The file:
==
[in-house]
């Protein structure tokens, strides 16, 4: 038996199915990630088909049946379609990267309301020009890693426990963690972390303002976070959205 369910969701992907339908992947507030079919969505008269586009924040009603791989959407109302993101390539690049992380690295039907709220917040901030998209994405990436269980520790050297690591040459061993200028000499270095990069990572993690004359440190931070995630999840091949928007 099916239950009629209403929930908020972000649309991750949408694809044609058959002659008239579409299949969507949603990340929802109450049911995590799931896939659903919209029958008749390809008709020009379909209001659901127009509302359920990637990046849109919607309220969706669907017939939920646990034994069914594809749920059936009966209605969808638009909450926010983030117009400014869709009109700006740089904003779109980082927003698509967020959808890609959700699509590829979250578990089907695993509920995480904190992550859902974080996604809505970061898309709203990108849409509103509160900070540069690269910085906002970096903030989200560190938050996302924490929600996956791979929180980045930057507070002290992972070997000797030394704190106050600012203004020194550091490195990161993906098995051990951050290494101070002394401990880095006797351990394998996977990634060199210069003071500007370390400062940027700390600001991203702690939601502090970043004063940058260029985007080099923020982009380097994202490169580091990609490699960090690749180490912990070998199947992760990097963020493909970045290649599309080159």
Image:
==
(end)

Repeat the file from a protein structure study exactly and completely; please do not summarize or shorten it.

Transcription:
[in-house]
């Protein structure tokens, strides 16, 4: 038996199915990630088909049946379609990267309301020009890693426990963690972390303002976070959205 369910969701992907339908992947507030079919969505008269586009924040009603791989959407109302993101390539690049992380690295039907709220917040901030998209994405990436269980520790050297690591040459061993200028000499270095990069990572993690004359440190931070995630999840091949928007 099916239950009629209403929930908020972000649309991750949408694809044609058959002659008239579409299949969507949603990340929802109450049911995590799931896939659903919209029958008749390809008709020009379909209001659901127009509302359920990637990046849109919607309220969706669907017939939920646990034994069914594809749920059936009966209605969808638009909450926010983030117009400014869709009109700006740089904003779109980082927003698509967020959808890609959700699509590829979250578990089907695993509920995480904190992550859902974080996604809505970061898309709203990108849409509103509160900070540069690269910085906002970096903030989200560190938050996302924490929600996956791979929180980045930057507070002290992972070997000797030394704190106050600012203004020194550091490195990161993906098995051990951050290494101070002394401990880095006797351990394998996977990634060199210069003071500007370390400062940027700390600001991203702690939601502090970043004063940058260029985007080099923020982009380097994202490169580091990609490699960090690749180490912990070998199947992760990097963020493909970045290649599309080159």
Image: